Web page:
June 9, 2014
Today is the 20th anniversary of a suicide attempt that left me in a coma, on dialysis with kidney failure waiting for a kidney transplant.
The months leading up to this attempt were very dark. I had recently been promoted as a Commercial Lender, but ended up spending countless hours at work. So much so that I knew the janitor by his first name.
A common question asked of someone who is depressed is,
“Why are you depressed?”
And with each depressive episode I have had, I reflect on this question and ask,
“What happened? Why did I get depressed? What did I do wrong?”
– as if it were in my locus of control to regulate my mood by magically turning a switch on or off. I have come to learn that this is not a question you ask someone who is depressed. Most don’t “choose” to be depressed – or do we? Maybe on a subconscious level we do because deep down, I know that I didn’t love myself or accept myself. Was that the real cause of all my pain?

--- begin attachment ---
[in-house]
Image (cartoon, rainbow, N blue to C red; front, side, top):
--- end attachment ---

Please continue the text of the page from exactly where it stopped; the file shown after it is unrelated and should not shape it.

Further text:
So what exactly happened 20 years ago?
As with any episode, it is multi-factorial and each one is unique- offering an opportunity to learn and grow if you are lucky enough to have the benefit of hindsight and reflection. At that time in my life, I had expected the promotion and transfer back to Vancouver to be a positive one, as I was now closer to my family and friends. What I didn’t foresee was:
- How much I would miss the wonderful friends and colleagues I had made while working at my previous job.
- Because I was working so much, I found it hard to make time for my family and friends in Vancouver. I was drowning in my work and became socially isolated.